Another time zone change later, we were in Austin, where all week the weather was either balmy or cool and sometimes lightning etched logos in the sky.
SXSW occurs in and around a convention center, dozens of clubs plotted east of downtown, and a constellation of unconventional venues further out. When musicians mentioned beer brands from stage at official shows, it was difficult to tell whether or not they were shilling. At one unofficial show at a real venue, a band watched from stage as its van was towed. And at an unpermitted, generator-powered gig on a pedestrian bridge over the Colorado River at 2 a.m., the frontman of the Austin hardcore outfit Skeleton sneered, “it wouldn’t be South By without a product toss,” then flung copies of his band’s tape, I Hate I Skate, at a young, dour crowd.
Gaudiness encroached on the rustic yet rapidly gentrifying city. Staff at Beerland, a scrappy venue downtown, wore shirts that read, “Don’t move here.” Locals worried that the event is supplanting traditional cultural institutions. Samsung sponsored a gig in a decommissioned post office, in case the erosion of the public trust wasn’t vivid enough. The best of Never Young’s shows (there were five in four days) were the most homespun, surreptitious events on the city’s margins that resembled underground shows back in Oakland. At House of Heck, in a living room lined by mattresses, Never Young’s set was consummate and inspired. As for forging connections, residents of these punk houses urged Never Young to return — at another time of the year.
Back on the main drag, despotic webcasters Spotify and Pandora hosted big tent events. The latter company, which is headquartered in Oakland, streams music by artists who, bound by federal oversight, cannot opt out of the service nor negotiate a more favorable rate, which Pandora aggressively lobbies to keep at a pittance ($0.0017 per spin, on the free tier). And Spotify, colluding with major record labels, is similarly mercenary. As the incisive Long Beach rapper Vince Staples grimly put it to the Spotify crowd: “I get an eighth of a penny every time y’all listen to one of my songs on Spotify, so thank you.”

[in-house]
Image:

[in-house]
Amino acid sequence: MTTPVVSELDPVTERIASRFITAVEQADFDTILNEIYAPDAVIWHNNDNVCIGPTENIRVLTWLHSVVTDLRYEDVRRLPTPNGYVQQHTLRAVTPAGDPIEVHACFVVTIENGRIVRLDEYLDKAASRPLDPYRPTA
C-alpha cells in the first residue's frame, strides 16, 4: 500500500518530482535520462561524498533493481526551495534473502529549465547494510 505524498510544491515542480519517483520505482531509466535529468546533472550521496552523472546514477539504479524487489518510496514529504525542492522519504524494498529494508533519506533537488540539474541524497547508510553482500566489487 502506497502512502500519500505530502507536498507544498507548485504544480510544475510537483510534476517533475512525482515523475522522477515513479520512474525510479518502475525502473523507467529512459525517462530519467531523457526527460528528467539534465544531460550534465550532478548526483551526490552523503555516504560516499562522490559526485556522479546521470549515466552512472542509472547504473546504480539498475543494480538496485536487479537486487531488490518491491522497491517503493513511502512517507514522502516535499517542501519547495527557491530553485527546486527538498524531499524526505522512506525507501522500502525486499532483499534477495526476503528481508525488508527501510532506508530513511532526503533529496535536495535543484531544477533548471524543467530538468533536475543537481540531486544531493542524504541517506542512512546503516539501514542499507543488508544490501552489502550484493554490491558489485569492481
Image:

With financial compensation increasingly elusive, many artists focus instead on accumulating social media capital. Call it the squad pic economy. And Never Young was pretty flush: cleverly directed skits shot on iPhones garnered hundreds of likes on Instagram and screenshots from Snapchat appeared on Facebook, inspiring exchanges on Twitter. Mornings, which began around noon in the living room of an acquaintance’s South Austin condo, involved trying to tie the cryptic handles of new followers to people we’d met the night before.
The brands of SXSW were keen to capture the value of Never Young’s social media clout, too. The group picked up free Converse gear and posed for photos in a private area attached to Fader Fort. Simply by entering the premises we gave tacit permission for Fader Fort, to record our likenesses for use in marketing materials — standard practice for most of the big sponsored venues. An advertising rep told Never Young that he liked their look and invited them to hit him up for free clothes anytime.
Later, as we prepared for the twenty-eight hour drive back to Oakland, Soelter looked up from his phone, smirked, and addressed the squad. “Okay, I’m posting this Converse photo and the guy wanted us to use the hashtag #readyformore, right?” He went on, “So I’m trying to add a list of like hundreds of things we want more of.”
The final list included mischievous and modest requests for more water, riffs, and sound checks — but firstly shoes.